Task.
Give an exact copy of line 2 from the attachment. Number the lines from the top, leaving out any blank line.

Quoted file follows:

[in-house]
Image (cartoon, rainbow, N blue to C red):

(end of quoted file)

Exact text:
Image (cartoon, rainbow, N blue to C red):